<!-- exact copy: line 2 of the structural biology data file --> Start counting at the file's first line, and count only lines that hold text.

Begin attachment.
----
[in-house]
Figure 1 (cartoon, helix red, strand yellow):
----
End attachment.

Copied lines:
Figure 1 (cartoon, helix red, strand yellow):